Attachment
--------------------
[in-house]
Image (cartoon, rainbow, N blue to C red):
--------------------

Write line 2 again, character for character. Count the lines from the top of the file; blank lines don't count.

Image (cartoon, rainbow, N blue to C red):